Friday, December 02, 2005

In Memory

I began this blog one year ago, right after my employer, Irvin Bettman, passed away. As I searched for a sense of purpose, I began to watch nature more closely, especially the behavior of crows. Although I started writing about my observation of crows, I swiftly moved to the observation of disasters, political and natural. As the anniversary of Irvin's death approaches, as the first year of his not being here ends, I return to observation of the natural world, and to the writing of poetry.

Poetry was one of Irvin's passions, Robert Frost being his favorite. This, my last blog entry, is dedicated to the memory of a true gentleman, Irvin Bettman. My haibun about Irvin, Walking Toward Death Mountain, can be found at: http://haibun.net/


To Earthward
by Robert Frost

Love at the lips was touch
As sweet as I could bear;
And once that seemed too much;
I lived on air
That crossed me from sweet things,
The flow of--was it musk
From hidden grapevine springs
Downhill at dusk?
I had the swirl and ache
From sprays of honeysuckle
That when they're gathered shake
Dew on the knuckle.
I craved strong sweets, but those
Seemed strong when I was young;
The petal of the rose
It was that stung.
Now no joy but lacks salt,
That is not dashed with pain
And weariness and fault;
I crave the stain
Of tears, the aftermark
Of almost too much love,
The sweet of bitter bark
And burning clove.
When stiff and sore and scarred
I take away my hand
From leaning on it hard
In grass and sand,
The hurt is not enough:
I long for weight and strength
To feel the earth as rough
To all my length.

Thursday, November 24, 2005

A Touch of Wistfulness

rain
overflows metal bowl
more rain



The holidays bring their mix of joy and sadness. They remind us of time's passing, those no longer in our lives, and missed opportunities. Or maybe this is just my mood during the traditional holidays we celebrate collectively. My husband likes to remind me that he's the positive one, and I'm the negative half of our union. I prefer the word, sensitive.

After cooking, eating and cleaning-up, I'm physically full and spiritually reflective. I remember feeling this same wistfulness as a child. Even after Christmas gifts were unwrapped, there was a let-down, an unsaid disappointment. Maybe I was just a moody child, but I suspect a lot of people echo my feelings.

The world is in agony; we have suffered more disasters, natural and unnatural, than we can process. Ultimately, these events, the loss of life and property (who would have guessed we would lose the World Trade Center and New Orleans?) effect us on a spiritual/emotional level. There is a collective unconscious, an energy that includes each of us individually. Today, I feel a collective sadness, one that goes deeper than the holiday blues.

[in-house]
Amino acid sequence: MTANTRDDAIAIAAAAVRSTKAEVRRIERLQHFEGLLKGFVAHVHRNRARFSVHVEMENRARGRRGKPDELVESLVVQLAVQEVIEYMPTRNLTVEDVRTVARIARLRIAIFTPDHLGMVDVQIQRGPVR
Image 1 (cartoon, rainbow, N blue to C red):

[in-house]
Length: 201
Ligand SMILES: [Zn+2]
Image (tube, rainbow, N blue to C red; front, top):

In spite of our losses, we have hope, always hope. And gratefulness. When we consider our lives, even the difficult times, we recognize intervention, being given particular insights and gifts. I'm grateful for family, friends, long walks, the dogs, IFC, poetry, the bed that greets me nightly. These are the things I'm grateful for throughout the year; so today, on this day of thanks, I am just as grateful as any other day. But grateful with a touch of wistfulness.

Sunday, November 06, 2005

Vow

As the truth continues to unfurl its ugly cloak in Washington, there is little satisfaction in having suspected early the dishonesty and subterfuge of this administration. There is instead profound relief that the truth is finally being revealed to the larger public.

We live in a country where the truth can be exposed, where the president's "rating" is broadcast daily by the media. The laws in existence are making it possible for us to ferret-out and bring to justice those who have lied, those who are responsible for the deaths of our sons and daughters in an unnecessary war.

If my parents were alive, Veteran's Day would be their anniversary. Veteran's Day, a day to honor all who have served in the military. My father served in England during WWII. My husband served for 22 years in the Air Force. My son gave four years of his youth to the Army. I'm intensely proud of each of them.

We cannot bring back the fallen, but we can stand in unison and say: Enough. Bring down Libby, bring down Rove, and bring home those who are fighting in the name of freedom. As misguided as the missions to Iraq and Afghanistan are, those fighting are victims of a monumental lie, and deserve our support and our respect. On Veteran's Day, let us remember their efforts; and let us vow to never allow a repeat of this travesty.

Sunday, October 23, 2005

Oh, Osip